What should I ask from attendees?

Registration is the first place hackers will interface with you and your event. Every registration will be a new data point about the attendees you could potentially have at your event. It’s your best chance to capture all of the info you’ll need to successfully run your event. You should make sure to include the following fields:

Name: You’ve got to collect this so you know who’ll be attending. Best practice is to ask for first name and last name separately. That way you’ll be able to easily send out emails addressed directly to a participant. This has to be a required field.

Email: This is so you can contact all your participants. If you’re able to validate this field, be sure to do so. This has to be a required field.

Phone Number: In the event of an emergency, having the phone number of a hacker can massively reduce the amount of stress that comes with handling an emergency. Calling someone is always going to be your best bet if you need to contact someone urgently. If your form tool is able to validate this field, best practice is to have the number validate to the E.164 number format so you’ll be able to use it with other services (Twilio for example) in the future. This has to be a required field.

Age: Collecting ages is important because that’ll let you know if you need to do any additional due diligence around minors. If folks are younger than 18, you’ll need to take additional steps to host them at your event. Collecting that information in registration will let you know who to contact if you’re not able to host minors. Additionally, you shouldn’t store the information of anyone 13 or younger. If you are allowing folks 13 or younger to attend your event, you’ll need to make sure the information provided is from a parent rather than the participant themselves.

School: With schools, you should provide a list of schools via a dropdown, otherwise you run the risk of needing to standardize your data down the line. To give you an example of why this is so important, on the last survey we ran where we didn’t standardize this information, students told us they attended Rutgers by using 14 different variations of Rutgers The State University of New Jersey. The number of variations increases if you take into account how often people fail to spell check a submission. Check out this gist for an easy list you can import into your application to avoid this problem — https://gist.github.com/Shy/f1dae36fc9f750ca78723eacd246252e.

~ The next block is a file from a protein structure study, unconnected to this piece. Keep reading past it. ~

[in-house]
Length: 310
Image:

Gender: Collecting gender information lets you gather insight into the demographics of your hackathon. It’s vital that the way you format collecting gender information is itself inclusive. Check out this article for more information in some of the options you can take with formatting your gender question: http://itspronouncedmetrosexual.com/2012/06/how-can-i-make-the-gender-question-on-an-application-form-more-inclusive/#sthash.2uxJBeV6.SkHNjsBa.dpbs.

Dietary restrictions: Since you’ll be providing food for your event, it’s important for you to know and then accommodate any registrations that people may have. It’s an awful feeling to show up to an event and not be able to eat or even potentially be in a space because an organizer didn’t ask about dietary restrictions. This has to be a required field.

Special needs: Similar to dietary restrictions, if anyone needs assistance being at your event, it’s best to know what special needs that people have so you’ll be able to plan and accommodate them well in advance of your event. The last thing you want to happen is have someone show up at your event and not be able to participate because of something you could have planned for had you known in advance. This has to be a required field.

Resumes: If you plan on providing resumes to your sponsors, registration is the place you should capture those documents. It’s much easier to grab those documents as a person signs up to attend your hackathon, rather than down the line in an RSVP stage. If you plan on sharing this information with a sponsor, make sure that you explicitly state what you’ll be doing with the document. It should be similar to the MLH Data Sharing provision that we ask every hackathon organizer in the league to include. It’s very common for attendees to confuse this as a necessary admission requirement when signing up, when in actuality it’s optional that you’ll be giving to sponsors.

You’ll need to add additional fields so you can collect other information. Hopefully, these fields will give you a good starting point when setting up your registration.

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